David Cameron’s statement in Broughton in northeast Wales today that if a two-thirds majority in the National Assembly demand a referendum on law-making powers he will not block it, only faces up to reality. As the Conservative AM David Melding put it in an Assembly debate back in July, “I do not think that it is in the realm of practical politics for the Secretary of State for Wales to veto a two-thirds majority vote by the Assembly to move to a referendum. That would be the equivalent of saying that the people of Wales cannot determine this question. I do not think that that is possible, certainly not from a centre-right party.”
What Melding did not disclose, however, is that at that very moment he and his Conservative colleagues in the Assembly were engaged in a fierce struggle on the issue with their Shadow Secretary of State in Westminster, Cheryl Gillan. The idea they were confronting was that the Conservative’s UK Manifesto for next year’s general election should contain a pledge that no referendum on moving to greater powers for Wales would be held in the next Parliamentary term.
This was opposed by the Group precisely because it would inevitably place them in a position of being in bitter opposition to their own Conservative Government in London. If such a clause were put in the Manifesto and if a Conservative Government was elected next Spring, then there would certainly be a two-thirds majority in the Assembly that would call for a referendum. Indeed, it would be probably be greater than that since most if not all of the Conservative AMs would also support it.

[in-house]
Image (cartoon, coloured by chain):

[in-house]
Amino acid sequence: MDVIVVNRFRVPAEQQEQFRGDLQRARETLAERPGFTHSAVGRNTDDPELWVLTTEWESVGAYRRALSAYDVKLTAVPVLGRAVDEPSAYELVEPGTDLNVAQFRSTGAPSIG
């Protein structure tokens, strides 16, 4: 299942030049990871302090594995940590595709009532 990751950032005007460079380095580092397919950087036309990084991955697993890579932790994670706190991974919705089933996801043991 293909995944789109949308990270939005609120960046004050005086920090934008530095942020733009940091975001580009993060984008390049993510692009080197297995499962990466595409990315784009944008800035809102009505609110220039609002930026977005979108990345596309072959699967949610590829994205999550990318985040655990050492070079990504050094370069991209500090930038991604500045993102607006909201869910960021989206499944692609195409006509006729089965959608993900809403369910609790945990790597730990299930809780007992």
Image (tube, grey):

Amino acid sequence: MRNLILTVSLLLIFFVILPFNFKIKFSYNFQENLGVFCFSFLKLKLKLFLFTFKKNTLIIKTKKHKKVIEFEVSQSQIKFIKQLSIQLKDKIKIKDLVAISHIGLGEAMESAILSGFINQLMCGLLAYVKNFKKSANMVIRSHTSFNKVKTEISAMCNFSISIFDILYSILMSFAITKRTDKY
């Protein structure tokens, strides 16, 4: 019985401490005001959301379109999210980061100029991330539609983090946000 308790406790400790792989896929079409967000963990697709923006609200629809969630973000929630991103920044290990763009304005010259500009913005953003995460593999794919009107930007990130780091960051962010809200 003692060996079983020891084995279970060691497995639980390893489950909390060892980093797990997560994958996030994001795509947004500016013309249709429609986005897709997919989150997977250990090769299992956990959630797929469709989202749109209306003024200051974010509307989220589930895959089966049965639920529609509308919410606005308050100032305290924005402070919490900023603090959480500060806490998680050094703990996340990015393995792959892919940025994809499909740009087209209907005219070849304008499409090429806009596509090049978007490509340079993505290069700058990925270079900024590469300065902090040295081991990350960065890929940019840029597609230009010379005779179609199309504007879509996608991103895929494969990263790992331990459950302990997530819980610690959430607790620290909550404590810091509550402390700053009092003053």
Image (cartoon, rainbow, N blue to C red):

The matter was not easily settled. At one point the Assembly Conservative Leader Nick Bourne came up with a compromise that the Manifesto might contain a commitment that a referendum would be blocked for only the first two years of the next Westminster term. However, that was also voted down by the Conservative Group in the Assembly.
The reality that Westminster Conservatives have had to face was underlined in the National Assembly plenary debate on 7 July from which the Melding quotation is taken. It went entirely unreported at the time, perhaps because it began with an innocuous motion from the Plaid leader Ieuan Wyn Jones who moved that the “the National Assembly for Wales notes the development of devolution over the past ten years and looks forward to its further strengthening in future.”
However, this was subjected to a cunning amendment by the Welsh Liberal Democrat leader Kirsty Williams, which looked forward “to a referendum on moving to the powers in Part 4 of the Government of Wales Act 2006 before the Assembly elections in 2011.”
This was merely reiterating the commitment in the One Wales coalition agreement between Labour and Plaid Cymru. However, the highly significant outcome of the debate was that the Assembly, including all the Conservatives, voted unanimously for the amendment. This signals that not only will there be a two-thirds majority for a referendum following the appearance of Sir Emyr Jones-Parry’s Convention report on 18 November, but a unanimous vote at that.
Given the moment, when he was locked in an internal party dispute, Nick Bourne’s contribution to the debate was remarkably robust. “We believe that there should be a campaign for full powers for the Assembly … I have no doubt that full powers will be forthcoming before long, whether under a Conservative Government – and they would be delivered under a Conservative Government, if needs be, as every step forward is – or any other.”
With the benefit of hindsight, it looks as though Bourne was using a public platform to influence the internal debate underway inside his party. Just a shame it wasn’t reported at the time, though I’ve no doubt that the Assembly’s Record of proceedings for 7 July were passed under Cheryl Gillan’s nose, and probably that of David Cameron as well.